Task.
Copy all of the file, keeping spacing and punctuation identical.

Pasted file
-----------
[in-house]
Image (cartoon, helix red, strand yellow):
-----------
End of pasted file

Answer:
[in-house]
Image (cartoon, helix red, strand yellow):